A rear-view assessment of India’s automotive sector reveals that it has been facing economic headwinds for the last couple of years. Even before the outbreak of COVID-19 in 2020, there was palpable distress within the automotive industry. All aspects of the industry were severely affected, from the shop floor to retail. While many had hoped for a recovery, the spread of COVID-19 compounded the woes of the sector.
The automotive market was facing disruptions from all ends. Various aspects of the future of mobility (electric vehicles, connected car and new ownership models, shared mobility) have caused and would continue to cause great market disruptions. With the challenge of a global pandemic added to this mix, the industry had to take drastic steps to ensure its survival.
In the space of the last two quarters, the Indian automotive industry has witnessed a V-shaped recovery, quite different from previous recoveries which were spread over two-three years. Personal mobility demand rebounded quickly after the “unlock” phases, as consumers preferred self-owned vehicles to ensure social distancing and reduce dependence on a weak public transport system.Also, the demand for vehicles during the COVID-19 pandemic overcame macro challenges like vehicle and fuel price hikes, weak job data and GDP shrinkage.
Data suggests that car sales were among some of the businesses that strongly resisted the gravitational pull of online buying, before the pandemic.~
In November 2020, domestic passenger vehicle industry volumes grew 9% YoY (the SUV segment shined) and 2Ws by 15% YoY. Growth in the sales of M&HCV trucks also gathered pace.
Keeping pace with the growing digitalisation, the automotive sector in India has undergone a dramatic transformation. Even though the sales process has remained the same, the number of customers visiting showrooms increased. Data suggests that car sales were among some of the businesses that strongly resisted the gravitational pull of online buying, before the pandemic.
The general trend was that consumers browsed vehicles online and then visited brick-and-mortar dealerships to make the final purchase. However, the multiple lockdowns and stay-at-home orders brought an overnight shift in customer behaviour.
Moving parallelly with the challenges brought by COVID-19, innovative and forward-thinking dealers deployed digital tools extensively. By the second week of the lockdown, some suppliers had accelerated product development and scaled up operations to accommodate remote working.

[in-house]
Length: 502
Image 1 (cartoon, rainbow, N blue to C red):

The 2021 outlook is that of growth
There are plenty of reasons for concern, as well as optimism. The auto industry was already facing financial headwinds before the pandemic, and the impact of COVID-19 has only accelerated many of those concerns.
In the short-term, the automotive companies like those in other industries fear the unforeseen effects of the second wave of COVID-19. The industry will require government help in the form of reforms and incentives.
Apart from the recuperating measures that the automotive industry will take to revive itself back to its phase of growth, the times also demand government reforms.
The government has announced an outlay of INR 75,000 crore for automobiles and components (including batteries) under the newly-announced Production-Linked Incentive (PLI) scheme. Given that automobiles account for more than 40% of India’s manufacturing GDP, the scheme aims to accelerate domestic manufacturing. The PLI scheme could be the catalyst required to boost OEM exports and help in the long term by safeguarding India’s future.
Over the last couple of years, the government has intended to bring about and help the PV industry’s electrification in India. While the adoption of electric cars is at a nascent stage, India is well-positioned to capitalise on the 2W electric adoption both in the domestic and the global markets. India’s domestic demand accounts for nearly 25% of the global 2W market. Hence, India’s 2W industry can develop sufficient scale to manufacture electric vehicles for the domestic market, and subsequently establish their exports.
India has demonstrated leadership in the compact car and SUV segments globally. The stage is set for Indian 2W manufacturers to create a global electric product which is affordable and efficient.
A well-directed scrappage policy could help provide impetus to accelerate commercial vehicle sales. The government’s renewed commitment to the National Infrastructure Pipeline (INR 102 lakh crore and 6,500 projects across sectors) bodes well to revive the CV segment. Already green shoots are being witnessed in the mining (M&HCV) and e-commerce (LCV) sectors.
In conclusion, the automotive industry, by working in unison with the government policies, can create for it a growth path.
(The author is Partner and Leader of Automotive sector at EY India.)
(DISCLAIMER: The views expressed are solely of the author and ETAuto.com does not necessarily subscribe to it. ETAuto.com shall not be responsible for any damage caused to any person/organisation directly or indirectly.)
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